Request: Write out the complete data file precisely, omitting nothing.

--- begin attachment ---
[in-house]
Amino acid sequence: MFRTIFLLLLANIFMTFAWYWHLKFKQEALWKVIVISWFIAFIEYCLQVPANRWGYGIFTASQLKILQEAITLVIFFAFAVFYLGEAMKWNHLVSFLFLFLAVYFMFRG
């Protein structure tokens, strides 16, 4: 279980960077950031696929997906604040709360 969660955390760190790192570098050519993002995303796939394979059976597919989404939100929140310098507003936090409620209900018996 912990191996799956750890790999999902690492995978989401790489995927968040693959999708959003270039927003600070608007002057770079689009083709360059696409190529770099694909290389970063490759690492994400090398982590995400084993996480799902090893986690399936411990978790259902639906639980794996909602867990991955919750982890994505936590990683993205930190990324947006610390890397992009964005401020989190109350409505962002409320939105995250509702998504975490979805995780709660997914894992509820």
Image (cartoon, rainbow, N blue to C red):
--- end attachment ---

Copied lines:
[in-house]
Amino acid sequence: MFRTIFLLLLANIFMTFAWYWHLKFKQEALWKVIVISWFIAFIEYCLQVPANRWGYGIFTASQLKILQEAITLVIFFAFAVFYLGEAMKWNHLVSFLFLFLAVYFMFRG
């Protein structure tokens, strides 16, 4: 279980960077950031696929997906604040709360 969660955390760190790192570098050519993002995303796939394979059976597919989404939100929140310098507003936090409620209900018996 912990191996799956750890790999999902690492995978989401790489995927968040693959999708959003270039927003600070608007002057770079689009083709360059696409190529770099694909290389970063490759690492994400090398982590995400084993996480799902090893986690399936411990978790259902639906639980794996909602867990991955919750982890994505936590990683993205930190990324947006610390890397992009964005401020989190109350409505962002409320939105995250509702998504975490979805995780709660997914894992509820």
Image (cartoon, rainbow, N blue to C red):